Rent The Hidden Fortress (1958)

3.9 of 5 from 155 ratings
2h 18min
Rent The Hidden Fortress (aka Kakushi-toride no san-akunin) Online DVD & Blu-ray Rental
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A story of rival clans, hidden gold and a princess in distress, 'The Hidden Fortress' is a thrilling mix of fairy story and samurai action movie. It was Kurosawa's first film shot in the widescreen process of Tohoscope, and he exploited this to the full in the film's rich variety of landscape locations, including the slopes of Mount Fuji.
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Akira Kurosawa, Sanezumi Fujimoto
Ryûzô Kikushima, Hideo Oguni
Kakushi-toride no san-akunin
BFI Video
Action & Adventure, Classics, Drama
Japan, Action & Adventure, Classics, Drama

1959 Berlinale Silver Bear for Best Director

1959 Berlinale FIPRESCI Prize

Release Date:
Run Time:
138 minutes
DVD Regions:
Region 2
Aspect Ratio:
Widescreen 1.78:1 / 16:9
B & W
  • Interview with George Lucas about Kurosawa and 'The Hidden Fortress'
Release Date:
Run Time:
139 minutes
  • Original Theatrical Trailers
  • The Art of Akira Kurosawa (2013, 49 mins): Asian-cinema expert Tony Rayns discusses
  • Kurosawa's career and influence
  • Interview with filmmaker George Lucas (2001, 8 mins)
  • Interview with filmmaker Alex Cox (2003, 9 mins)
  • Introduction to Sanjuro by Alex Cox (2003, 5 mins)
  • Full-length audio commentary on Throne of Blood by Japanese-film expert Michael Jeck
  • Full-length audio commentary on Yojimbo by film critic Philip Kemp

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Reviews (1) of The Hidden Fortress

Sharp and Classic. - The Hidden Fortress review by NW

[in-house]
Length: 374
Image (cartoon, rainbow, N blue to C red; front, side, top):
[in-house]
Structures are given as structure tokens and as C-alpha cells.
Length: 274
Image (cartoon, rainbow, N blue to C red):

Spoiler Alert

I ordered this after seeing Higuchi’s “Hidden Fortress – Last Princess” by accident. That is a film made with great technical skill and beautiful use of colour. This one, however, is the better film. They are both, in truth, fairy tales and the realistic use of colour in the 2008 version is excellent – beautiful, indeed – but somehow withdraws both the sharpness and tension of the story and the suspension of disbelief which is essential for the best fairy tales. After all, “Hidden Fortress” was directed by Kurosawa, and that in itself guarantees all that is needed. The tension and sense of threat is pretty near continuous, while Kurosawa’s sense of humanity and compassion are ever present. The actual filming and setting deserve study – on those grounds the film is a model. It has all the direct strength of black and white so that the realism of colour does not distract from the essence of the action and there is no reliance on clever effects ... but I have a bee in my bonnet about that!

I had some doubts as I watched; perhaps there are some flaws? The two peasant conscripts are indeed cleverly used to give the main characters a foreground – but are they a bit too naïve, clownish and greedy ... they certainly are very noisy? Does that noisiness distort the balance of the story? (I have a problem in many Japanese films with the sound of Japanese dialogue: why does it seem to sound so harsh, fast and aggressive when in fact quite ordinary things are being said? Distracting.) The successive narrow scrapes and escapes, and Makabe’s superhuman martial successes strain credence – if you pause and think. Similarly, the happy ending pushes possible likelihood rather hard! Would any Japanese princess have ridden horses astride quite so readily? (It is easy to understand Japanese doubts about Kurosawa’s yielding to western influences ...) A fairy story ... a parable ... a very fine film.

2 out of 2 members found this review helpful.

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